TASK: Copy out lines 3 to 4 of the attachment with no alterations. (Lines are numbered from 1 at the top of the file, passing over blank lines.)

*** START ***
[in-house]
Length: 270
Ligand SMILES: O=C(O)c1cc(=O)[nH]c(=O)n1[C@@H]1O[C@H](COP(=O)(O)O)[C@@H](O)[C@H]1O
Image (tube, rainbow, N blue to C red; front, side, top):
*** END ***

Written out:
Ligand SMILES: O=C(O)c1cc(=O)[nH]c(=O)n1[C@@H]1O[C@H](COP(=O)(O)O)[C@@H](O)[C@H]1O
Image (tube, rainbow, N blue to C red; front, side, top):